North Carolina nurse Kierstin Davis shares the story of how she adopted a 63-pound white puppy named Ronald after he endured 14 failed adoptions in just five weeks.

Speaking to The Washington Post, Davis said he knew he had to act quickly after a post searching for Ronald’s 15th home by the Wake County SPCA went viral.

After submitting an application, Davis, 28, received the happy news that “Ronny” would be returning home to his family on January 12.

“Everything has been going really well in the house,” he said. “He really fits the bill.”

When it comes to why the energetic, playful dog kept being returned, SPCA spokesperson Samantha Ranlet told The Washington Post: “They were all different versions of that combination of being really playful and kind of clumsy and silly and still working.” in his manners. in combination with its large size.”

The outlet didn’t really point out how many families had children, which can also be a huge deciding factor.

Despite his series of failed adoptions, the SPCA team had expanded to like the “sweet and lovable” dog, Ranlet added. This is partly why he asked Facebook for help in spreading the word, writing “Help us damage Ronald’s unfortunate touch! 14 adoptions have failed for this beautiful man, mainly because he is too big/strong.”

“It’s true, he is a huge boy! But for his big build, he only weighs 63 pounds,” Ranlet added. “Ronald knows his orders, he takes the treats very carefully and is 100% sweet. He really he’s a very good boy.

“Once in a while, if he gets excited, he might get up and put his front paws on you or get a little mouthy. But he’s still a huge puppy! As long as you have a reasonably firm position, you won’t have any problems with Ronald. Plus, he loves treats and practicing his tricks, so he will be a fantastic student for any type of training.”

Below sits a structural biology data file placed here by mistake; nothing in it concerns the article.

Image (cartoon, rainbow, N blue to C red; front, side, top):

Davis was one of thousands who saw the post.

“I thought, ‘Oh, there’s no chance I’m going to catch it,’” he told The Washington Article. “I’m sure someone will pick it up very quickly. But I applied anyway.”

His good luck was there: Davis, who has two young children, ages 4 and 7, along with a black Australian shepherd he saved a couple of years ago, turned out to be first on the list.

Agreeing to a five-week trial, she brought Ronald back home and surprised her children with the newest member of the family in the living room.

They “just screamed with excitement,” Davis said. “From the beginning, when he saw the kids and the dog, I thought, ‘Oh, he’s the best.’ He is staying’”.

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